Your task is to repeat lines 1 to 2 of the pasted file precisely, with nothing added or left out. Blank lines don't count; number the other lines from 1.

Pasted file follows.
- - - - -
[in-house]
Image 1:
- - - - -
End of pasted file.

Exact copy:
[in-house]
Image 1: